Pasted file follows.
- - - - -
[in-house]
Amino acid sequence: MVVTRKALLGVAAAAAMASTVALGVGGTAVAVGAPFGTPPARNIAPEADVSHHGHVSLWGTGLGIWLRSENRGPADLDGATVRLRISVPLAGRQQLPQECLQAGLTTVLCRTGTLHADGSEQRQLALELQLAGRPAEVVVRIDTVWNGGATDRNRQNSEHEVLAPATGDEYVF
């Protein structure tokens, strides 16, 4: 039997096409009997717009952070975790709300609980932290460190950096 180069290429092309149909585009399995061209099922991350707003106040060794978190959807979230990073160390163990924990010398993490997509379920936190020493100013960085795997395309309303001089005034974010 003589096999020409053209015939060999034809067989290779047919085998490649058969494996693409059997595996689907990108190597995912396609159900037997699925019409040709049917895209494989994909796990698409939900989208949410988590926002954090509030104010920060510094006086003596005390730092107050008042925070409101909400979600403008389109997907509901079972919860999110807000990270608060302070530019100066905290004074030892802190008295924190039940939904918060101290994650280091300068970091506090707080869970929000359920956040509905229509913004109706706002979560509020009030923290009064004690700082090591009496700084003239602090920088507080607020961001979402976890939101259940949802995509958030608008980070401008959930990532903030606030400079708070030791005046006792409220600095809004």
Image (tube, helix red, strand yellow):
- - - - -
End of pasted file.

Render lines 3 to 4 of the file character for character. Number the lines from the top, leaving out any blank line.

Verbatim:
């Protein structure tokens, strides 16, 4: 039997096409009997717009952070975790709300609980932290460190950096 180069290429092309149909585009399995061209099922991350707003106040060794978190959807979230990073160390163990924990010398993490997509379920936190020493100013960085795997395309309303001089005034974010 003589096999020409053209015939060999034809067989290779047919085998490649058969494996693409059997595996689907990108190597995912396609159900037997699925019409040709049917895209494989994909796990698409939900989208949410988590926002954090509030104010920060510094006086003596005390730092107050008042925070409101909400979600403008389109997907509901079972919860999110807000990270608060302070530019100066905290004074030892802190008295924190039940939904918060101290994650280091300068970091506090707080869970929000359920956040509905229509913004109706706002979560509020009030923290009064004690700082090591009496700084003239602090920088507080607020961001979402976890939101259940949802995509958030608008980070401008959930990532903030606030400079708070030791005046006792409220600095809004």
Image (tube, helix red, strand yellow):